By Ryan Yousefi
By Chuck Strouse
By Terrence McCoy
By Terrence McCoy
By Terrence McCoy
By Michael E. Miller
By Kyle Munzenrieder
By Michael E. Miller
Most human beings prefer to think of nature as a cyclical process, a perpetual revolution of destruction and renewal. In the face of forces so powerful, such thoughts can be comforting.
They can also be profoundly depressing.
As Dade County's citizenry frantically prepares for the possibility of a second hurricane in as many years, a significant segment of the population is still struggling out from under the wreckage of the first one. Ten months after Andrew, many of those who were displaced by the storm are still without permanent homes.
Perhaps the most ambitious effort to address the posthurricane homeless crisis was mounted this past spring on a scraggly lot in Naranja. The Life and Family Support Center, a South Dade tent city operated jointly by the Archdiocese of Miami and Metro-Dade County, opened in March with the potential to house more than 100 needy families made homeless by the storm.
The project, intended to run for six months and bankrolled by one million dollars in federal funds, represented an unprecedented union of nonprofit groups and Dade bureaucracy. The goal: to provide temporary housing and a vast range of social services, including posttraumatic and family counseling, health care, legal aid, job training and placement, tutoring, and day care. The reality: The Archdiocese's honeymoon with the county was tragically short-lived. Two months after the center went up, and after only 52 families had moved in, the tent city was suddenly shut down. Storm victims who had been promised a multifaceted support system found themselves cast away once again with a renewed sense of desperation.
Sucheila Singh's tale of dislocation is typical of the hundreds of South Dade residents whose post-Andrew lives followed the erratic trajectory of a fast-moving pinball well into 1993. Immediately after the storm, she remained in her three-bedroom rental apartment in Kendall, along with her six children, including a mentally retarded daughter, and her daughter-in-law. Although the storm had shattered windows and ripped off half the roof, Singh's landlord insisted she continue paying the full monthly rent of $665. Income came from Singh's eldest son's job as a courier and from a daughter who worked as an assistant manager at an Xtra supermarket. A 50-year-old widow and a native of India, Singh had quit her Publix deli job a year earlier because of worsening cataracts and painful arthritis in her feet.
In early December the Singhs' landlord moved them out of the apartment so he could begin renovations. The eldest son left to live with his wife; the rest of the family spent most of the month sleeping on the floor at friends' houses. Unwilling to impose any longer, Singh moved her family into a cheap hotel two days before Christmas. As the room rates drained her meager savings, she purchased a large, flimsy tent and several air mattresses and sheets and took the family to a campground in North Miami Beach, where they stayed for more than two months. "My friends who live around Kendall, they call me and tell me to come stay with them, but I can't do that with five kids," says Singh, a small woman with weary eyes and a kind smile. She punctuates her story with the laugh of someone who has seen the worst and has no other choice.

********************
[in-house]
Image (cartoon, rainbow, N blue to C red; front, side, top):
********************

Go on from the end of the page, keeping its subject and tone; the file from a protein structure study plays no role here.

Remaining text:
In February Singh heard about the Naranja tent city on a radio broadcast. Her family was among the first admitted. In the compound, which was positively regal compared to the North Miami Beach campground, she saw an opportunity. With both her grown daughters working, she could save money, find a public-housing apartment, and arrange for cataract surgery.
Almost immediately, the encampment received widespread international media coverage. Visiting dignitaries and politicians A Gov. Lawton Chiles, U.S. Rep. Carrie Meek, and the secretary of the U.S. Department of Housing and Urban Development, Henry Cisneros, among them, not to mention government representatives from Los Angeles and the Cayman Islands -- were a frequent sight. "The interest was generated because it was unique and it was working," says Margie Netter, a schoolteacher and former deputy director of the Miami Job Corps Center who was paid by the Archdiocese to work as the tent city's assistant site director.
And by most accounts, the project worked. Residents began to get jobs, to kick drug habits and deal with other personal problems, and to find permanent housing. "The only thing that everybody was interested in was getting their life together," says Margie Netter's husband Bruce, who lived with his wife in a trailer on the compound and served as site director. "They also wanted their friends to get their lives together." Despite its short life, the Netters contend, the tent city stands as a model for intense, interagency response to homeless populations, which could -- and should -- be duplicated anywhere it is needed.
But to project administrator Andy Menendez, Jr., the man responsible for the premature demise of the encampment, the community's early successes didn't amount to a whole lot next to one basic truth: canvas is flimsier than Sheetrock and cement. Menendez feared, too, that the several evacuations of the center made necessary by severe storm warnings had jeopardized the psychological well-being of its residents, and that disaster lurked in the clouds of the approaching hurricane season. "I think our intentions were honorable," offers Menendez, a former political lobbyist who now works as director of Dade's Office of Homeless Programs. "But these families are in crisis and getting them into a tent city just prolonged what happened to them from day one. I knew I had to do something to remedy that situation. I'm a committed individual and I'm committed to the safety of these people."